Carbon emissions trading (CET) is a process that allows various countries, organisations and corporations to trade their harmful carbon emission limits for credit with other nations and organisations that have not met their carbon emission limits. Most developed countries and some of the highly influential developing countries approved this system in 1992 when the United Nations Framework Convention on Climate Change (UNFCCC) was presented.
United States in 2001 had backed away from the Kyoto Treaty stating similar restriction but would remain obligated in some regard to the UNFCCC. At least in theory, CET allows one country who might not be maintaining their target to trade credits with others that are well under theirs.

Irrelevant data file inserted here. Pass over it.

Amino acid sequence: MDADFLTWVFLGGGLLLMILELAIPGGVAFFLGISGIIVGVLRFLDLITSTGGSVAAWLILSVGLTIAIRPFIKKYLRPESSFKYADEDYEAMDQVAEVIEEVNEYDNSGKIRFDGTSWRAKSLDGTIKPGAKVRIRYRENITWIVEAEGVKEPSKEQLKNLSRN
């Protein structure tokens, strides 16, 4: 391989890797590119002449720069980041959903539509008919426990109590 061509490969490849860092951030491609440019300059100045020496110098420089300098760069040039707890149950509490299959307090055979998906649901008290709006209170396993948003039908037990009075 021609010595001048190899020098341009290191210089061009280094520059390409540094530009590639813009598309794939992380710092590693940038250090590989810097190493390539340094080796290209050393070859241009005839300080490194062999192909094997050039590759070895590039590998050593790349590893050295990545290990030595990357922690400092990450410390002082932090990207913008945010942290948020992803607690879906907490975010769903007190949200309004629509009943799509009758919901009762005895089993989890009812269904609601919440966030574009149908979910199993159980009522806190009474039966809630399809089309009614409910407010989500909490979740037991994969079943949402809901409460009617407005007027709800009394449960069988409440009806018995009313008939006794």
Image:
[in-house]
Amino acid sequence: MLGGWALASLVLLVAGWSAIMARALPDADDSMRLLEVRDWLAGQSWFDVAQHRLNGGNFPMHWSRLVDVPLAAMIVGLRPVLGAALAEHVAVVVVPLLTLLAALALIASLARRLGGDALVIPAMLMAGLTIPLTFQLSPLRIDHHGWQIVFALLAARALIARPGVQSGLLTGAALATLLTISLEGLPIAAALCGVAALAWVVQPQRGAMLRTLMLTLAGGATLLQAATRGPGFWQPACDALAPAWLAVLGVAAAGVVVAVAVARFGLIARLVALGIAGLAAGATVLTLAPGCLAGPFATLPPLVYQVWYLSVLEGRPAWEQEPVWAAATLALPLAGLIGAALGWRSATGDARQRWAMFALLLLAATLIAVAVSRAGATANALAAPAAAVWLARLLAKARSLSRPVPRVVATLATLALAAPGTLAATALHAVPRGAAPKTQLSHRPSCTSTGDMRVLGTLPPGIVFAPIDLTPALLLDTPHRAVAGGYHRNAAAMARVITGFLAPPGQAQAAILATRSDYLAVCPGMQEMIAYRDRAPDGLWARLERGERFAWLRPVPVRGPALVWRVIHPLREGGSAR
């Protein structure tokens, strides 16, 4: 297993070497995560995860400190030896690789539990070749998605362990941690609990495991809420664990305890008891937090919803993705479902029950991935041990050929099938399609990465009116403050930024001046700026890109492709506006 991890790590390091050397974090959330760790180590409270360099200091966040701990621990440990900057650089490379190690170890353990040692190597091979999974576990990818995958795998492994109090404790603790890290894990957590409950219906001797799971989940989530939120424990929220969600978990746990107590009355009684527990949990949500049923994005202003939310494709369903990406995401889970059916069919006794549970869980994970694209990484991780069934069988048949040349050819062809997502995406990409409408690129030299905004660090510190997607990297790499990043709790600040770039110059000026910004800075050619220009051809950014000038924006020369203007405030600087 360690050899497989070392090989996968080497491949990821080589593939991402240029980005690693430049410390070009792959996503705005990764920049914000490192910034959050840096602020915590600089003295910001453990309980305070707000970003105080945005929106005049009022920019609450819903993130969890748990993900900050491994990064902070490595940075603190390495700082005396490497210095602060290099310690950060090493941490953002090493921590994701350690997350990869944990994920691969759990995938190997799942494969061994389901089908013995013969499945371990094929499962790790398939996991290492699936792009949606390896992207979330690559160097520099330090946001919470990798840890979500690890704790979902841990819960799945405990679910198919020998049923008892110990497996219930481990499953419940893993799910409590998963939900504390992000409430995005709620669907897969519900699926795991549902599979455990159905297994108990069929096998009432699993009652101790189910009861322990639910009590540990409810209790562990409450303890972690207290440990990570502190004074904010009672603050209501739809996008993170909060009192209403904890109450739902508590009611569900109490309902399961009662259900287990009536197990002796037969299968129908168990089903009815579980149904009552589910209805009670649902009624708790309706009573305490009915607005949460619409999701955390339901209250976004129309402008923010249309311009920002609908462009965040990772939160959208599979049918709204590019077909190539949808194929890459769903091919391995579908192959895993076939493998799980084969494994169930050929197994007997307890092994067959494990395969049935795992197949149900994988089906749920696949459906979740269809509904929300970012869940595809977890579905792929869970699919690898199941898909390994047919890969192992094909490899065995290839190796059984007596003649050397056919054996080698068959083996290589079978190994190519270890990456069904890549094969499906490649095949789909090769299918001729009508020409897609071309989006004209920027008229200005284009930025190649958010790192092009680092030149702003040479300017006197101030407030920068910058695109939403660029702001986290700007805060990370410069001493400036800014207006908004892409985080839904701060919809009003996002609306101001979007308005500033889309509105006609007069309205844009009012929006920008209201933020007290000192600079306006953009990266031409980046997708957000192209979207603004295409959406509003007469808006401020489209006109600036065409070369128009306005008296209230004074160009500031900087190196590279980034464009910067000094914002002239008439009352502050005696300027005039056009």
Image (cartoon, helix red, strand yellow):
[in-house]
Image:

The Environmental Protection Agency (EPA) later on launched a method of emissions trading known as, Online Allowance Transfer System (OATS). It is an online system that allows companies engaged in the sulphur dioxide and nitrogen oxide to record trades directly through the internet without having to file papers with the EPA. No such method yet exists for carbon emissions trading.
The real issue that has resulted from carbon emissions trading is the trading market that has emerged. Opinions are varied regarding the advisability, and inherent dangers of CET. The International Carbon Bank & Exchange offered insight on CET through its web site.
Emissions trading reduces costs by allowing a field of players to achieve emissions reductions using market mechanisms. Over time, these mechanisms will drive emissions down and finance the shift to clean energy.
Labels: Carbon Footprint